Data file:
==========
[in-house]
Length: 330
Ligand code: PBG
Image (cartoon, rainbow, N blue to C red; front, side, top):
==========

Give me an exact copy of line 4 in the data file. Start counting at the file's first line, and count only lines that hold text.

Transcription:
Image (cartoon, rainbow, N blue to C red; front, side, top):